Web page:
Dr. Ashley Colley, University of Lapland, Finland

Kaisa VäänänenKaisa Väänänen is a full professor of user experience (Human-Computer Interaction, software engineering) in Tampere University, Finland. Kaisa leads the research group of Human-Centered Technology (IHTE) in the unit of Computing Sciences. She has extensive teaching and supervision experience as well as leadership of study programmes. Kaisa has 25 years of experience in research related to human- computer interaction both in university and industry. In 1995-2004, she worked at Nokia Inc, in leading positions of user needs research and strategic consumer insights. Kaisa’s research interests cover user experience and human-centered design, with emphasis on design research of digital services for advancing sustainability and human-centered AI. Kaisa is an author of 180+ peer-reviewed academic publications. She is very active in the international research community, and frequently takes part in organizing conferences related to user experience and human-computer interaction, such as the flagship conference of Human-Computer Interaction, ACM CHI 2023.

Jonna HäkkiläJonna Häkkilä is professor for Industrial Design at the University of Lapland, Finland (2014-), and docent in Human Computer Interaction (HCI) at the University of Oulu, Finland. She leads the user experience research group LUX at U. Lapland. Previously, she was Director of User Experience (UX) at the Center for Internet Excellence U. Oulu (2012-2014), and research leader at Nokia Research Center (2007-2011). She received her PhD degree in computer science from the University of Oulu, Finland, in 2007. She has published 150+ peer reviewed scientific papers on HCI, focusing on mobile and ubiquitous computing and user centric design. She has received research grants as PI from Horizon 2020, Academy of Finland, Business Finland, and Interreg. She works at the cross-section of technology and design, and her group’s works have been awarded at ISWC and exhibited at Milan Design week and Wanted Design, New York. Her current research interests include wearable technologies, unobtrusive interaction with technology, and in utilizing design methods for creating and assessing future technology visions.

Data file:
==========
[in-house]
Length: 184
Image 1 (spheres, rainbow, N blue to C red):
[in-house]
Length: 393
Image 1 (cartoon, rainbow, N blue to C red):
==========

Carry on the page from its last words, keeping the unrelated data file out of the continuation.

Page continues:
Ashley ColleyAshley Colley is a university researcher at the University of Lapland. He has more than 25 years industry and research experience, e.g. 10 years as a Principal Designer at Nokia, and as co-founder of the successful health tech. start-up Oura Health (www.ouraring.com). He is the inventor of more than 30 patents/patent applications. He is an active member of the international Human Computer Interaction (HCI) research community and has published over 100 peer-reviewed publications.


Maximum number of participants to be enrolled to the workshop: 20

Are you ready to dive into the realm of Virtual Reality (VR) and unlock its full potential? Join us for a journey where you’ll harness VR technology, including state-of-the-art head-mounted displays and the Unity game engine, to craft VR experiences that resonate and leave a lasting impact. This workshop is more than just learning the tools; it’s about connecting with global peers in a project-based learning environment to ideate, create, and present VR experiences that push boundaries. Prepare to document your process, share your insights, and unveil your creations in a showcase that celebrates innovation and collaboration.

The virtual reality landscape is evolving rapidly, with advancements in technology making VR more accessible, affordable, and powerful than ever before. However, the true art of VR lies beyond just the technology. It requires a deep understanding of the user – their perception, cognition, emotions, and behavior within a computer-simulated environment. This workshop is designed to bridge the gap between technology and user experience, focusing on how to design VR experiences that are not just technologically sound but also psychologically impactful and emotionally resonant. We will explore the intricate balance between artistic creativity and scientific principles, aiming to create experiences that are transformative, not just in how they look or feel, but in how they connect with and affect the user. Join us to explore the frontiers of VR, where technology meets human experience, and where your creations can leave a lasting imprint on the virtual landscape.

This workshop offers a comprehensive exploration of the various facets necessary to design VR experiences that are not only impactful but potentially transformative. The core of the workshop revolves around project-based learning where participants will form diverse teams to conceptualize, develop, and refine a VR prototype. Our multifaceted approach intertwines theoretical lectures with practical demonstrations and hands-on activities.